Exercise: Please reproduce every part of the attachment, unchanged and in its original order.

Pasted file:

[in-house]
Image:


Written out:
[in-house]
Image: